Posted in astronomy, electronic imaging and displays

Starlight, star bright

I remember as a kid sitting outside on summer nights, looking up into the dark night sky and watching the Milky Way pass over me like a river of stars. When I saw it even more clearly high on a mountain top in the Andes of South America six years ago, I completely understood why they thought the Milky Way was just a continuation of the rivers on land.

I wonder if these French photographers felt the same way watching the stars as kids. On Wired, “you can see the entire Milky Way at once in this panorama painstakingly stitched together by French photographers.”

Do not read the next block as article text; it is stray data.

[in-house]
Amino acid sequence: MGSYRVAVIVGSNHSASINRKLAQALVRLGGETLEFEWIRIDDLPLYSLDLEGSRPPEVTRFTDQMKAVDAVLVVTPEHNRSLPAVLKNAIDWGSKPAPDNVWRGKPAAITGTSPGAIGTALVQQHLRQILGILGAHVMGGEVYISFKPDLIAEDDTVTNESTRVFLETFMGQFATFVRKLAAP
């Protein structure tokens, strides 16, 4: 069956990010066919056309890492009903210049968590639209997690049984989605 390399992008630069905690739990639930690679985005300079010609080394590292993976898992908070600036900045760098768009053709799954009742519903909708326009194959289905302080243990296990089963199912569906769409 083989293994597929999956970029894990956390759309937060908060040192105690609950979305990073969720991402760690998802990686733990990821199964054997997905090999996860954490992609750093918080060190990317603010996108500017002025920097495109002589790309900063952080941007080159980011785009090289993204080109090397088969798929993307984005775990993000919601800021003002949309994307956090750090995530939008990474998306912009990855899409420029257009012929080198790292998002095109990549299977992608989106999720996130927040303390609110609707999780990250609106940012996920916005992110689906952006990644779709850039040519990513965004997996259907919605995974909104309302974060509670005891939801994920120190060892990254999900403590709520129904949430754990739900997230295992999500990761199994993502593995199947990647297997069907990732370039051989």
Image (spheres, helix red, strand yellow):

Working in the dark, dry highlands of Chile with a Nikon D3 digital camera (50 mm lens open at f5.6), Serge Brunier and Frédéric Tapissier patched together 1,200 photos of the night sky into the composite that you see above.

Read more on Wired.



Beth Kelley is an applied & digital anthropologist with an overall interest in how people engage with and are impacted by their environments and vice versa. This has manifested itself in many ways, by looking at creativity, playful spaces, built environments, and environmental enrichment, sustainability, design research, and integrative and collaborative models of learning such as through play and hands-on learning.